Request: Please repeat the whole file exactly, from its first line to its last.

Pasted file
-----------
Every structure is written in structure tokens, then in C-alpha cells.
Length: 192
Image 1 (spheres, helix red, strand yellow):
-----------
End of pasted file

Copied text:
Every structure is written in structure tokens, then in C-alpha cells.
Length: 192
Image 1 (spheres, helix red, strand yellow):